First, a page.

Creatine Ormus Powder

Even if you’re not a weight lifter, you’ve undoubtedly heard of creatine, one of the most researched supplements in history.

It’s a combination of amino acids produced by the liver, kidney, and pancreas. Creatine is not a steroid—it’s naturally found in muscle and in red meat and fish, though at far lower levels than in the powder form sold on bodybuilding websites and at your local GNC.

How does it work? Creatine reduces fatigue by transporting extra energy into your cells, says Ari Levy, M.D., who works with patients at the Program for Personalized Health and Prevention at the University of Chicago Medical Center. Adenosine triphosphate, or ATP, is the compound your body uses for energy. For a muscle to contract, it breaks off a phosphate molecule from ATP. As a result, ATP becomes ADP (adenosine diphosphate). The problem: You can’t use ADP for energy, and your body only has so much stored ATP. The fix: ADP takes a phosphate molecule from your body’s stores of creatine phosphate, forming more ATP.

If you have more creatine phosphate—which you do if you take a creatine supplement—you can work out longer and do sets of, say, eight reps instead of six. Over weeks and months, that added workload allows you to add lean muscle mass, lift heavier weights, and become stronger.

But should you worry about side effects? Does creatine cause you to lose weight when you stop it, or does it hurt your kidneys, like you may have heard? Here are the key myths and facts you need to know.

Creatine is similar to anabolic steroids. Myth. Steroids mimic testosterone and are banned in the Olympics and in professional sports. By contrast, the International Olympic Committee, professional sports leagues, and the National Collegiate Athletic Association do not prohibit creatine. (The NCAA won’t let colleges give it to athletes, though.)

Creatine can help you build muscle mass without hitting the gym. Myth. It shows some improvement in kids with muscular dystrophy, even if they’re not exercising, says Mark Tarnopolsky, M.D., Ph.D., professor of pediatrics and medicine and director of the neuromuscular and neurometabolic clinic at McMaster University Medical Center in Ontario. “[But] the best effect in healthy humans is seen when creatine is combined with resistance exercise training.”

Creatine causes gastrointestinal upset. True—but it’s rare. Tarnopolsky says his studies show 5 to 7 percent of people experience either stomach aches, diarrhea, or both.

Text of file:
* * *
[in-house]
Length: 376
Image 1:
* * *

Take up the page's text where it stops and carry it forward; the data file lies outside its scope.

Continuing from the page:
Creatine will help you run a faster 5K. Myth. Creatine helps athletes with more fast-twitch muscle fibers (used to swing a baseball bat) more than athletes with more slow-twitch ones (used by marathon runners). “If you’re an endurance athlete, if you’re not doing something that involves the fast-twitch muscle fibers, you don’t need to be on creatine,” says orthopedic surgeon Tony Wanich, M.D., a sports medicine specialist at Montefiore Medical Center in New York.

Creatine causes weight gain. Fact. (But that’s kind of the point.) It pulls H2O into your muscles, which causes water-weight gain and makes muscles look bigger initially. (You don’t actually gain muscle fibers until you work out.) “Creatine is a molecule that has a very strong attraction for water,” says Gordon Purser, Ph.D., a professor of chemistry at the University of Tulsa who studies creatine and has used it himself for the past decade. No two people will have the same results. “Weight gain of about 0.8 to 2.9 percent of body weight in the first few days of creatine supplementation occurs in about two-thirds of users,” says Christine Rosenbloom, Ph.D., R.D., sports dietitian for Georgia State University Athletics and editor in chief of Sports Nutrition: A Practice Manual for Professionals. What can you expect after the water weight gain? In a study of 20-year-olds taking creatine and doing weight training, Tarnopolsky found some gained two pounds of muscle but one even gained 17 pounds of it—with the same amount of supplement and the same training.